D. Have the ability to “point” attention to other people’s information by allocating some of your “intention” currency to that information. Up to five points allocated to the “attention” slot indicating the degree to which you believe that other people should pay attention to this information.
E. Have the ability to generate a concrete and actionable "proposal" as a result of a discussion.
F. Have the ability to edit, modify, contribute to proposals to move them into a better form.
G. Have the ability to allocate as much intention currency as you want (up to how much you have) to actionable proposals in the “intention” slot - in order to focus energy on making them happen. Also have the ability to withdraw intentional currency from "in play" proposals that are shaping up into something that you aren't interested in.
H. Have the ability to participate in a collective decision to "greenlight" some proposal - which decision would allocate the attached intentional currency to the proposal for delivery.
Example: Mark posts a suggestion that we should expand on our ability to allocate attention to discussions by creating dimensions: "entertaining, informative, moving, important." Mike sees this as adds five points to the discussion. This brings it to GK and Jordan's attention. Gk then makes a concrete proposal on how to deliver on this notion and an estimate of how many points this sort of thing would require. A discussion on the proposal ensues and as it shapes up, Mark and Mike add points to the proposal adequate to what GK thinks it needs to be delivered on. They all agree that the proposal is solid and that the cost / benefit is good - and agree on the proposal. This greenlights the proposal and allocates the points to GK to deliver on it.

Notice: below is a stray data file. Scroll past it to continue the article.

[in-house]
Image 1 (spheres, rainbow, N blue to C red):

Ideally there will be some rigorous way to evaluate people's delivery on proposals, but initially that can be done through simple "post hoc" discussion.